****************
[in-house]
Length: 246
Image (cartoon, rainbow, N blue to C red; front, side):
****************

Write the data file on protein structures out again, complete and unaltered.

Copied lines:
[in-house]
Length: 246
Image (cartoon, rainbow, N blue to C red; front, side):